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Award-winning New York Times correspondent Judith Miller to speak on bioterrorism and the possibilities of war in Feb. 11 visit to the Syracuse University campus
Award-winning New York Times correspondent Judith Miller to speak on bioterrorism and the possibilities of war in Feb. 11 visit to the Syracuse University campusFebruary 06, 2003Patrick Farrellpmfarrel@syr.edu
Judith Miller, author and Pulitzer Prize-winning correspondent at The New York Times who writes about national security issues with special emphasis on bioterrorism, the Middle East and weapons of mass destruction, will visit the Syracuse University campus on Feb. 11 to share her experiences and expertise. Miller’s lecture is sponsored by The University Lectures in cooperation with the Syracuse University Forum.
She is scheduled to speak at 7:30 p.m. in Hendricks Chapel. Miller accepted the invitation to speak on campus with the understanding that developments in Iraq may require the cancellation of her appearance here without prior notice.
Miller was part of a small team that won the Pulitzer Prize for “explanatory journalism” for her 2001 series on Osama bin Laden and Al Qaeda. In September 2002, she won an Emmy for her work on a Nova/New York Times documentary based on articles for her book, “Germs.” She was also part of the Times team that won the prestigious DuPont award in 2002 for a series of TV programs on terrorism for Frontline. She appears as an expert on Middle Eastern and national security on such national news and public affairs shows as ‘Sixty Minutes,’ Oprah Winfrey, CNN, ABC’s ‘Night Line’ and ‘Good Morning America,’ The Today Show, David Letterman, and The Charlie Rose Show. She lectures on the Middle East, Islam, national security and terrorism.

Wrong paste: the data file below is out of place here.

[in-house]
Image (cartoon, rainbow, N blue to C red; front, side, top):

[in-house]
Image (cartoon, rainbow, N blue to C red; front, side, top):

Miller has written four books and contributed chapters to several others. Her most recent book is “Germs: Biological Weapons and America’s Secret War.” (Simon and Schuster) Written with two colleagues from The Times, the book topped the best seller’s list. Her previous book, “God Has Ninety-Nine Names,” also published by Simon and Schuster in 1996, explores the spread of Islamic extremism in 10 Middle Eastern countries, including Israel and Iran. She is also the author of “One, By One, By One,” a highly praised account of how people in six nations have distorted the memory of the Holocaust, also published by Simon and Schuster in 1990. In 1990, she co-authored “Saddam Hussein and the Crisis in the Gulf,” the first comprehensive account of the Gulf crisis and biography of the man behind it. That, too, was a best seller during the 1991 Gulf War.
The University Lectures bridges the diverse interests of the University community by presenting individuals of exceptional accomplishment in the areas of architecture and design, the humanities and the sciences, and public policy, management and communications. The series is made possible through the generosity of the University’s Trustees, alumni and friends and is supportive of initiatives in the University’s Academic Plan directed at expanding multidisciplinary discourse for students.